New Year’s is the only holiday that celebrates the passage of time. Perhaps that’s why, as the final seconds of this year tick away, we become introspective.

Inevitably, that introspection turns to thoughts of self-improvement and the annual ritual of making New Year’s Resolutions. Let’s look at some tools to help make 2006 your most exciting year ever!

A Time for Renewal

New Year’s Resolutions offer the first of many important tools for remaking ourselves. People the world over make New Year’s Resolutions. Often, what we vow to improve is some habit related to health, weight, exercise, occupation or income.

The most important investments require time. Setting and achieving a resolution requires focus, effort and commitment. Changing old habits and developing new ones won’t happen overnight.

The following four guidelines will help you achieve all of your New Year’s resolutions:

1. Focus on One Resolution at a Time

Divide and conquer. Identify the individual activities it will take to achieve your desired results. Break larger tasks into smaller ones. Each of these comprises one element of your personal resolution roadmap, a path to achieve your goal.

2. Create Accountability

Designate a friend, mentor or companion for sharing successes, monitoring progress and offering support.

Research indicates that those who are successful at making changes in their lives often employ excellent support systems. The benefit of involving others in your goals and plans is instant access to experience, knowledge and wisdom. It also raises the bar of accountability.

The common path is to make a resolution and then tell no one about it. That way, if we fail, no one will know we have failed; no one will view us as a failure. But this is self-defeating: increasing your accountability to the behavior by communicating your resolution actually increases your odds of success!

Share your objectives and goals with those around you so that you can enlist their support. Knowing that you are accountable to someone other than yourself will help to keep you on track.

3. Persist Until Completion

A resolution achieved is a stunning example of consistency and hard work. If you fall behind schedule or are sidetracked for any reason, refocus! Just don’t give up! Don’t surrender to temptation, difficulty or temporary failure. Persist until you achieve the goal.

4. Cultivate Personal Integrity

Integrity gives you the oxygen needed to cross the finish line of accomplishment. Integrity here simply means doing what you say you’ll do. Your commitment determines your level of success. This commitment boils down to two essential tactics: daily action and review.

The Nuts and Bolts

The nuts and bolts of achieving any resolution are invariably the same; neither the size of the resolution nor the person achieving it changes the basic recipe. Here are the ingredients of a successful New Year’s resolution:

1. Make It Clear

For a dream to become a goal, it must be specific. “Being thin” is an image; “losing 10 pounds by March 1” is a resolution. Be clear on what you want to achieve.

Make a resolution that you have a bona fide intention of keeping. Don’t make the resolution unless it is a genuine, serious, no-kidding-around-I-really-mean-it New Year’s resolution!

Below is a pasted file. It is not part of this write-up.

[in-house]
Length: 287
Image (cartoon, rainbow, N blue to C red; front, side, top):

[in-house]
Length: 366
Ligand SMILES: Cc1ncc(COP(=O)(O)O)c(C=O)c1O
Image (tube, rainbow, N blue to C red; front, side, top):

2. Put It in Writing

Describe precisely what you want, how you will earn it, when you will have it, and the benefits you’ll receive from achieving your resolution.

Write the details, but don’t make it complex. When you put it in writing, you increase your chances of moving to the next step and increasing your level of commitment.

Your mind, while blessed with permanent memory, is cursed with lousy recall! Writing out your resolution goes a long way towards achieving it.

3. Create Commitment

Without commitment, you can say, “Farewell, dreams!… Adios, potential!… Toodeloo, success. And hello mediocrity!” And your resolution will go find a more deserving soul—someone with courage, character, conviction and commitment.

Commitment is habitual and essential. It moves you ever closer to your resolution and ultimate success. Commitment is the heartbeat of your goal.

Commitment means you own it. You are responsible for taking the resolution that’s on paper and turning it into the desired outcome. Owning it means taking responsibility for changes, risks, failures and successes!

Creating Your Resolution List

Write down a list of ten possible New Year’s resolutions. Do this now: find something to write on, and get them all out of your head and down on paper. Don’t worry, you’re not committing to these just yet! (This is like a prospect list: you’re not necessarily going to call each person, just write down those names!)

Now, look at your list. Does one resolution stand out? Is there one that you’re ready and raring to go after? Focus on this one. You can replicate the process with others later. Write down, separate from the list, “My #1 New Year’s Resolution is: _______,” and describe it clearly and simply.

Congratulations on your decision! This focus is critical to moving forward.

I encourage you to pursue your resolutions with open arms, and to believe deeply in your ability to enjoy the rewards of resolutions and dreams achieved.

I wish for you a New Year of health, wealth and happiness. A year in which you give yourself many gifts, including the gifts of love, patience and faith!

GARY RYAN BLAIR is a speaker, consultant, strategic planner
and coach to leading companies around the globe,
and a faculty member of Networking University.
www.networkingtimes.com//link/gblair